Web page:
So what does this mean for planning?
The proposal to introduce Regional and Economic Strategies which will be given effect though national policy adoption will, for the first time if implemented, provide a regulatory framework for enforcing regional policy, something long absent in planning in Ireland. The adoption within the county/city development plan of an economic development plan along with a county/city community development plan will pull together into a statutory process, policies which are both critical to spatial development but also need in their own right to be underpinned by such policies. As such the beginnings of a genuine local sustainable strategy, in the form of the renewed county/city development plan beckons if the intentions and objective of the reforms are fully carried through.
Importantly, given the focus of Our Sustainable Future, policy coherence within the statutory basis of a renewed county/city development plan, will be further underpinned with the alignment of local development and local enterprise creation with the mainstreaming of local, community and rural development into the local authority policy process and upwards into the business planning of the national development agencies. Giving effect to this, radical, thinking will clearly require detailed guidance from the national level but the intent in the policy statement will be welcomed by those that have been calling for such integration over the past twenty years.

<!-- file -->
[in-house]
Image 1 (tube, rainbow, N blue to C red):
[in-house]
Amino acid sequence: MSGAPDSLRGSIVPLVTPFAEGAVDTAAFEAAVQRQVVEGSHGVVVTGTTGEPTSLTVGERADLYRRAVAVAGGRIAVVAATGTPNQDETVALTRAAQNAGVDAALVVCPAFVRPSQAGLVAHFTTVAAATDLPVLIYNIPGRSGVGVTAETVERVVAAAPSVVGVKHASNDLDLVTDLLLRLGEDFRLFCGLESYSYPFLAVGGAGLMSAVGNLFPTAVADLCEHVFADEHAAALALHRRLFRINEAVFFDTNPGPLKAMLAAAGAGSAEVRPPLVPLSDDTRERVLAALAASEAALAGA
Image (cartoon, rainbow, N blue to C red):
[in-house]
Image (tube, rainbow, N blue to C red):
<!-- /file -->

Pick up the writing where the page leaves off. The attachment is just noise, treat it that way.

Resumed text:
For those in planning in local government there will be a critical need to up-skill on understanding that economic development is not just about zoning lands for industrial development but is more about creating the conditions in which economic activity can flourish. Equally, for those in local development there will be the need to build up capacity in understanding the dynamics of spatial development and the impact local and community development can have to quality of life, understanding the dynamics of Ireland’s environment while those at State agency level will need to recognise that local democracy is a central feature to a vibrant entrepreneurial and competitive economy.
Capturing such thinking within a development will be a great challenge but actually applying it even greater given the diversity of thinking that comes with seeking integration across different policy fields. Ensuring that there is an iterative cascade of thinking form the national to the regional and local planning framework will require the sort of detailed guidance from several government departments which has being applied to the adoption of the “core strategy” in recent planning reforms at local level.
Furthermore, with a possible move towards a single local area plan for each of the new municipal districts (the proposal for which was almost totally disregarded by the national media!) and the possibility of building on some of the more innovative community planning initiatives in local development, it actually be possible that in a matter of years Ireland could finally have a fully integrated planning framework from the very local to the national encompassing all features of a proper planning and sustainable development framework. A real move towards that long lost idea of Agenda 21?